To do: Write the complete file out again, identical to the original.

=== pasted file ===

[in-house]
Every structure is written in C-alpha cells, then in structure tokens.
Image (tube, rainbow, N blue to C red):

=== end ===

[in-house]
Every structure is written in C-alpha cells, then in structure tokens.
Image (tube, rainbow, N blue to C red):